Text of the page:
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Daddy Dearest: How Purity Culture Can Turn Fathers into Idolsjujumediazone / Flickr

Daddy Dearest: How Purity Culture Can Turn Fathers into Idols


May 22 2014
Our pledges belong to the Heavenly Father, not our earthly ones.

Karen Allen Campbell quotes purity ball organizers as wanting to set up "an impregnable wall of fathers" that would, presumably, stand between young women and sexual sin. But that's not how sin works—other people can't block it out for us. It comes from the heart. And that's why young women should be taught to stand against sin themselves, not to expect someone else to do it for them.

The problems we've seen here—father as bridegroom, and father as idol—are what I think a lot of people sensed in these photos. The healthiest and most God-honoring relationships between father and daughter happen when a father and daughter are not doing some sort of idolatrous role play, but simply being a father and daughter. (I think of what might happen if my dad and I attempted to do a dramatic, stone-faced pose in prom outfits in front of a haystack, and I realize it would never work, because we would both fall over laughing.)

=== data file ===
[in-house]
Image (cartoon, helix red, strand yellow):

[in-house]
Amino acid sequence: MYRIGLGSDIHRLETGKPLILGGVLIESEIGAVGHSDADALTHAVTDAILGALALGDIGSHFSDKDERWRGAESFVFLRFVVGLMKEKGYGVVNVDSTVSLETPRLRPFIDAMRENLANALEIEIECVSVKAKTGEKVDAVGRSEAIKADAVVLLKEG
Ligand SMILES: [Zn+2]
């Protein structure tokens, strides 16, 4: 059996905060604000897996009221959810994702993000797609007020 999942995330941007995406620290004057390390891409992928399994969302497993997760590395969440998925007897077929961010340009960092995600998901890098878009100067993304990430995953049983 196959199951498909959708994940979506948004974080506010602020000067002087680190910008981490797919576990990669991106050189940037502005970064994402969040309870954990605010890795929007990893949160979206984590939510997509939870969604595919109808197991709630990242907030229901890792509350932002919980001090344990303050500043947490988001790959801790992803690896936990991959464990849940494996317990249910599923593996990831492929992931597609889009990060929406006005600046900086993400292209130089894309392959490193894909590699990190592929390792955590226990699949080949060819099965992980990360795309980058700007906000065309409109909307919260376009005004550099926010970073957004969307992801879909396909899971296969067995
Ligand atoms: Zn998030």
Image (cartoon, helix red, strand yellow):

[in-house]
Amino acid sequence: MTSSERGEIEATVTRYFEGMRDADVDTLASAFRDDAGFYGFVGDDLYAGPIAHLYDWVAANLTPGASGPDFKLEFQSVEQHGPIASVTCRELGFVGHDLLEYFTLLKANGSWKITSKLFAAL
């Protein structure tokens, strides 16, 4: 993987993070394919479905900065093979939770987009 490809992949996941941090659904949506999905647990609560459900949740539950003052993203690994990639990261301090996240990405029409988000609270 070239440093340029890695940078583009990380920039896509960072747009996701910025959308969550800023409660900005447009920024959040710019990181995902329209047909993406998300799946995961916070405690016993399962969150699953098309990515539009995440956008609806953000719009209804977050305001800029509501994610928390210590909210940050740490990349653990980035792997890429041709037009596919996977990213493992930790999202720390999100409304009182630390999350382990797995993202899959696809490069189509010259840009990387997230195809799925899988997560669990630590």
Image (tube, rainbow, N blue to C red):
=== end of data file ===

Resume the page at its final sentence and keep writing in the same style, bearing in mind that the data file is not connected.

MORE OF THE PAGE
By all means, fathers should treat their daughters with tenderness and respect. But that includes entrusting them to God and knowing that, no matter how much their daughters love and look up to them, they themselves are not to be their daughter's gods.

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Daddy Dearest: How Purity Culture Can Turn Fathers into Idols